Molester Mustache, Wholesome Heart
Published: Saturday, January 24, 2004 at 6:01 a.m.
Last Modified: Friday, January 23, 2004 at 10:56 p.m.
Captain Kangaroo, whose real name, Bob Keeshan, is unimportant, died January 23. Unless you are a preteen or the child of hippie (no TV) parents, you'll know him from his awesome children's show. The guy wearing that red jacket with stylish white piping, big hairy blonde mustache. yeah, that guy.
Cause of death is unknown at this point. Does that mean it was drug-related? Suicide? Maybe a crazed killer pelted him with a barrage of poison ping-pong balls after something scarring happened to him or her while trying to watch Bob's lovely show? One thing to remember about crazed killers: logic, human sensitivity and appreciation for quality programming are not things they possess.
However he passed away, he was 76, right around the national average for years spent alive, so it's not terribly tragic. It is actually a cause for celebration- of a life well spent. Disregarding his personal life entirely, He was a top-notch character who delighted many a small child, including me.
His most memorable schtick was telling knock-knock jokes to Mr. Moose, the moose puppet. Captain Kangaroo would stand next to a waist-high wall and have conversations with a puppet from the deer family, and no questions were asked. What a badass.
The jokes would go something along the lines of:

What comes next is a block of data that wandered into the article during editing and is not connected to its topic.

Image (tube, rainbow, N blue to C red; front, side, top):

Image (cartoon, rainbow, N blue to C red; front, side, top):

CK: Knock Knock.
MM: Who's there?
MM: Jesse who?
CK: Je-sseee all those ping pong balls?
The big payoff came in the form of Mr. Moose getting hundreds of ping-pong balls dumped on him from overhead. It was great. I think stoners would definitely ante up for a DVD collection of the stuff.
With great glee, I always tried to tell the knock-knock jokes to my parents. The hilarity would unfold as such:
Very small me: Knock knock!
Reading Dad/Mom paying bills: Uh, who's there?
me: Ping Pong!
D/M: Ping pong who?
me: Ping pong all over YOU!!! Hahahaha! (rolling on the carpet.)
D/M: Oh, OK, I get it. Ha ha.
The show ran new episodes until '84. I don't think my memory was that crystal clear at age 2; they must have had reruns on PBS. All I watched when I was little was PBS, save for the Saturday early morning standouts, and those early afternoon crapfests such as Star Search. And if I could get up freaking early enough on Sundays, I'm pretty certain "Maxi" was not on public television. People say little kids get up early when they're excited about stuff, such as Christmas or whatever, and it's mostly true, but what on earth were those programmers thinking, to put a kid's cartoon on at, like, 6:30 am? Kids don't even have clocks in their rooms, much less alarm clocks to help them wake up for some Barbie-wannabe-sounds-like-a-feminine-hygiene-product show. And that's the way it should be. How many people have a loving relationship with their alarm clocks? My alarm clock shouts at me in Korean every damn morning. We aren't chummy. Children should get up when nature/their bladder tells them to, then scamper into the family room, hoping they beat their sibling(s) there, to sit on the floor and gaze up at adults wearing brightly colored clothing.
Quality programming there, that Captain Kangaroo show. Hello, skankaliscious "Bratz!" Goodbye innocent, cornball, lifetime entertainers.
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